I watched an episode on Oprah about ‘bridezillas’ or engaged ladies who transform into this crazy and obsessed bride-to-bes. She puts the other areas of her life on hold as she buries herself in bridal magazines and sourcebooks. She meets a lot of wedding providers and sometimes, the budget gets out of hand. The wedding turns out grand, but for some of them, depression sets in on day one. The elegant bride who was everybody’s center of attention suddenly feels neglected as the adrenaline rush from all the preparation dies down. Engaged women should strike a balance to better handle their emotions. After all, according to comedian Bernie Mac, “Love is overrated. You really have to like someone to make your marriage last.”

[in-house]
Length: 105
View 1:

Love and light!

P.S. This is my favorite wedding photo 🙂